Please join us on Saturday, November 7, 2015 for Small and Strong: Securing Your Food Co-op’s Future, a one-day networking and training event for staff and board members of small and startup food co-ops (<$3M in annual sales) in the Upper Midwest
Five Lakes Cooperative recently installed new signs for their entrance and office. The Cooperative held a contest and asked any interested residents in submitting a design. There were two designs chosen and the final product was a combination of the two.
On October 26-28, CFED will host its 11th annual I’M HOME Conference in Minneapolis, MN.
GRANT HELPS CREATE GREATER HEALTH EQUITY IN THE COMMUNITY
Minneapolis Minn. (June 29 2015) — The Northcountry Cooperative Foundation (NCF) received a $40,000 grant from the Blue Cross and Blue Shield of Minnesota Foundation to help more community members reach their full health potential. The funds will be used support NCF’s transformative work of converting MN manufactured home communities to resident (cooperative) ownership.
The Minneapolis-based Carolyn Foundation recently announced the award of $25,000 in grant resources to support new initiatives by Northcountry Cooperative Foundation (NCF) to pursue community solar projects in partnership with interested manufactured housing cooperative clients.
When I first arrived at NCF in the midst of the MHPP program running full-swing, there was one home left that had not yet started its 18-month occupancy requirement: C6 in Madelia Mobile Village.
CONCORD, N.H. — In less than seven years, ROC USA® has built on a proven strategy of resident ownership in New Hampshire manufactured home communities and scaled it across the country, transforming communities and building a network of 10,000 secure and affordable homes with partners in 14 states.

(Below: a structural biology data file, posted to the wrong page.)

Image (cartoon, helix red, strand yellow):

Over several chilly days in late March, NCF staff joined staff from seven other ROC USA Network Certified Technical Assistance Providers (CTAP)s—nonprofit organizations from around the country supporting resident ownership of manufactured housing communities nationwide—in Wilmington, Delaware to celebrate the closeout of a year-long market development initiative designed to widen the scale of resident ownership of manufactured housing nationwide.
As a result of the efforts of NCF's lobbying representative supported by NCF's funding partners, manufactured housing cooperatives will no longer be required to issue Certificates of Rent Paid to residents for a benefit for which they no longer are eligible. As manufactured housing cooperatives are ownership projects and receiving preferential homestead tax treatment on that basis, the Legislature no longer allows lot rent paid in a manufactured housing cooperative to be counted as lot rent against which a Certificate of Rent Paid can be issued for income tax benefits for the community's residents.